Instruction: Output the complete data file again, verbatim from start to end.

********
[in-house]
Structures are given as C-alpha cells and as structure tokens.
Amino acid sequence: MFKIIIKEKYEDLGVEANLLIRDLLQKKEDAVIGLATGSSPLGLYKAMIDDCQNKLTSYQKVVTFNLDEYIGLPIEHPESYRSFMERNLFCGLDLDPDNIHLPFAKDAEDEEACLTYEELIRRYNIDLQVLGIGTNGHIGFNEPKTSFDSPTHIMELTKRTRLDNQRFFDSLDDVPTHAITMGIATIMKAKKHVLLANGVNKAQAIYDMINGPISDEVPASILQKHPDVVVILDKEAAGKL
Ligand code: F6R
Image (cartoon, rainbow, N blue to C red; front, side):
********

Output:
[in-house]
Structures are given as C-alpha cells and as structure tokens.
Amino acid sequence: MFKIIIKEKYEDLGVEANLLIRDLLQKKEDAVIGLATGSSPLGLYKAMIDDCQNKLTSYQKVVTFNLDEYIGLPIEHPESYRSFMERNLFCGLDLDPDNIHLPFAKDAEDEEACLTYEELIRRYNIDLQVLGIGTNGHIGFNEPKTSFDSPTHIMELTKRTRLDNQRFFDSLDDVPTHAITMGIATIMKAKKHVLLANGVNKAQAIYDMINGPISDEVPASILQKHPDVVVILDKEAAGKL
Ligand code: F6R
Image (cartoon, rainbow, N blue to C red; front, side):